THE NEWS BLOG

 
Steve and Jen bring you this daily review of the news
Premium Advertiser

News Blog Sponsors

News Links

BBC World Service
The Guardian
Independent
Washington Post
Newsday
Iraq Order of Battle
Agonist
NY Times
LA Times
ABC News
CNN
Blogger

 
Blogs We Like

Daily Kos
Atrios
Digby's Blog
Skippy
Operation Yellow Elephant
Iraq Casualty Count
Uggabugga
Media Matters
Talking Points
Defense Tech
Intel Dump
Soldiers for the Truth
Margaret Cho
Juan Cole
Tbogg
Corrente
Gropinator
Just a Bump in the Beltway
Baghdad Burning
Wonkette
Howard Stern
Michael Moore
James Wolcott
Cooking for Engineers
There is No Crisis
Whiskey Bar
Rude Pundit
Driftglass
At-Largely
Crooks and Liars
Amazin' Avenue
DC Media Girl
The Server Logs

 
Blogger Credits

Powered by Blogger

Archives by
Publication Date
August 2003
September 2003
October 2003
November 2003
December 2003
January 2004
February 2004
March 2004
April 2004
May 2004
June 2004
July 2004
August 2004
September 2004
October 2004
November 2004
December 2004
January 2005
February 2005
March 2005
April 2005
May 2005
June 2005
July 2005
August 2005
September 2005
October 2005
November 2005
December 2005
January 2006
February 2006
March 2006
April 2006
May 2006
June 2006
July 2006
August 2006
September 2006
October 2006
November 2006
December 2006
January 2007
February 2007
Comments Credits
Comments by YACCS
Wednesday, December 29, 2004

Firefox and Open Source


King of Open Source


An open-source slam dunk

In the summer of 1999, Salon was invited to observe a showdown at PC Week's testing labs in Foster City, Calif., between Microsoft Windows and Linux. The atmosphere was tense. The Linux representatives were young and arrogant; Microsoft's were middle-aged and arrogant. But at perhaps no moment did the Microsoft reps' self-satisfaction shine through more irritatingly than when they noted the superiority of their in-house approach to software development as compared to the collaborative, distributed, open-source way of doing business. Look at the browser market, one marketing manager noted. A year before, Netscape had released the code to its browser and started the Mozilla project. But it was going nowhere, and in the meantime Internet Explorer 5.0 was taking over.

To open-source advocates, the comment was cutting. Netscape had generated oodles of media hype when it released the source code to its browser, but there was no denying Microsoft's ensuing total domination of the market.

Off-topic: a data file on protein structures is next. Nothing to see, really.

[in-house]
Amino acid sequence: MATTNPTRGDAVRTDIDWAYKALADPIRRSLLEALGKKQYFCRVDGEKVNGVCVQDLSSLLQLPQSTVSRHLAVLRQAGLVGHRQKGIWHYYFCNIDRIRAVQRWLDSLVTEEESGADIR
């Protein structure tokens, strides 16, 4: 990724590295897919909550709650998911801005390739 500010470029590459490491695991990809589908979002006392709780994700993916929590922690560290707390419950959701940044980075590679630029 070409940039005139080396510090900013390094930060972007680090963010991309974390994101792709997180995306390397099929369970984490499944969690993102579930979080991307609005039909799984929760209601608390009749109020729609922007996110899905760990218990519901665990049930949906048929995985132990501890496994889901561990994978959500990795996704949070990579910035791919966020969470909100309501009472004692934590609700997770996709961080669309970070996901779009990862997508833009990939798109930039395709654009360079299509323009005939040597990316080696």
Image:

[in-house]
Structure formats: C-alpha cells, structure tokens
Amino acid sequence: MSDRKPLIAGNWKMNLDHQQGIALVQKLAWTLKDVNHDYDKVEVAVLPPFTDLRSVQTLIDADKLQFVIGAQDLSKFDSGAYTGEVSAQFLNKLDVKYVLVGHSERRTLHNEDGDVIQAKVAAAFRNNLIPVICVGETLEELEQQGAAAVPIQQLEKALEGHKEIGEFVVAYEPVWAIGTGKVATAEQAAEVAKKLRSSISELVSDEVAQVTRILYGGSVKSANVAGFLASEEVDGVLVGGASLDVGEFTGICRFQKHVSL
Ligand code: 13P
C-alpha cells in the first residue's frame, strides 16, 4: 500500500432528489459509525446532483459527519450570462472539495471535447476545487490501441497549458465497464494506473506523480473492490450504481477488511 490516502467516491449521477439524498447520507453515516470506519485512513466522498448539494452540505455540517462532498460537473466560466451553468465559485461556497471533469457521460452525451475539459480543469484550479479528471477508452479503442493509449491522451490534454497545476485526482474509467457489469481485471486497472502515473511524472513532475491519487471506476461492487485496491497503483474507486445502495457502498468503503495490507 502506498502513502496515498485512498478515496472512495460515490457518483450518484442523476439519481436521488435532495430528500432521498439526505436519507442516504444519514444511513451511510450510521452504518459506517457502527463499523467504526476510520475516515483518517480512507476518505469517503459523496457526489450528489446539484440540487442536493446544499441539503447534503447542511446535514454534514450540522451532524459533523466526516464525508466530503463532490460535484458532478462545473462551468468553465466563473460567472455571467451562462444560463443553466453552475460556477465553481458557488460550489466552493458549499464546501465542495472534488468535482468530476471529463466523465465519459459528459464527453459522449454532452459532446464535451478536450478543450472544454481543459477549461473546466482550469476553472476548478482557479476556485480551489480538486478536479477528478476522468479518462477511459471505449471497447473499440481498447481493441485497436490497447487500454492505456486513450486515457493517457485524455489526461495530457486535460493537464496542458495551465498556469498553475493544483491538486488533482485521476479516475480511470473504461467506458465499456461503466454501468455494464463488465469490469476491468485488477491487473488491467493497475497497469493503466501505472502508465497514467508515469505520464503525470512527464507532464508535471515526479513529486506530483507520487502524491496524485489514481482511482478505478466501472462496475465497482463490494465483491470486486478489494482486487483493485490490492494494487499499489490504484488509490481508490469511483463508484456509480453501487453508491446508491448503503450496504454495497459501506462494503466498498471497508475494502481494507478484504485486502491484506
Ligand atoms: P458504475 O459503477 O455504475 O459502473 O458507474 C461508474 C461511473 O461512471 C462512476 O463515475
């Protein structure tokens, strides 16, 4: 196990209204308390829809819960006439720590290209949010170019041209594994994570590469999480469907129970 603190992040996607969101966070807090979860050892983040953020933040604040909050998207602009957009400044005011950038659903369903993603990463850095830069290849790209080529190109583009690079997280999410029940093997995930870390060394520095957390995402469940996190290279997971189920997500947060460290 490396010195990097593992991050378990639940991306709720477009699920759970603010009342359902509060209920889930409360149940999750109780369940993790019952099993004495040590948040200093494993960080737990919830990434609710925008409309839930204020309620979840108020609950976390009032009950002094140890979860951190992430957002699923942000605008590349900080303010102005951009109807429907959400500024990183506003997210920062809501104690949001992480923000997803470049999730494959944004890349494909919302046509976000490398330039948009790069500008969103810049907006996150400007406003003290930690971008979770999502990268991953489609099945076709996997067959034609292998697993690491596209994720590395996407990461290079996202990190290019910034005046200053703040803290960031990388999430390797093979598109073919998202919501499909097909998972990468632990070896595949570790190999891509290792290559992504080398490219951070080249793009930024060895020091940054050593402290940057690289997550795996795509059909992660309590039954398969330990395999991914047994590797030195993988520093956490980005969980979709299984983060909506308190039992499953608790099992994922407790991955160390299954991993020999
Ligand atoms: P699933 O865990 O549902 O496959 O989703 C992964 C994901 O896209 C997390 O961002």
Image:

At Salon, we've covered the saga of Mozilla closely ever since, and we've marked several points at which we thought the Mozilla browser had made significant progress. But it often seemed we were shouting at deaf ears. Internet Explorer continued to reign supreme, and when we told our friends and relatives that there was an alternative, they looked at us kind of funny -- like: all that free software stuff was cute back in 1999, but now you're beginning to sound like one of those freaks who still think the Amiga computer is set for a big comeback.

Then came 2004, the release of the 1.0 version of Firefox, the stand-alone Mozilla browser, and the consequent first decline in Microsoft's browser market share in years.

Back in 1999, everything happened on Internet time. But writing good code isn't easy to speed up. Firefox is welcome proof that open-source software programs can be user friendly, easy to install, and competitive with Microsoft. If Salon awarded a Program of the Year medal, it would go to Firefox.


Here's the problem: Linux advocates are eager to define Open Source as Linux. Wackos like Richard Stallman (and I have the tape to prove he's one) take credit for it. But in reality, Open Source is an idea anyone can use. Hell, most games have a limited form of it, allowing for massive modifications. Open Source is, and will always be more than Linux, although that is the most ambitious project using that ideology. But too many people have been eager to comingle the two.

"Oh, Firefox is open source, just like Linux"

Well, no, anyone can use Firefox. Just because Firefos uses the Open Source ideology doesn't mean it's a harbinger of good things for Linux. What it does mean is that an organized, focused approach for application development works.

Which means if Firefox can take on IE, which is embedded into Windows, then a similar group can take on Word. Which is the real obsticle for wider Linux adoption. Firefox is a route to success, if people take it.

posted by Steve @ 1:55:00 PM

1:55:00 PM

The News Blog home page





 

Editorial Staff
RSS-XML Feeds

Add to My AOL

Support The News Blog

Amazon Honor System Click Here to Pay Learn More
News Blog Food Blog
Visit the News Blog Food Blog
The News Blog Shops
 
 
 
Operation Yellow Elephant
Enlist, Young Republicans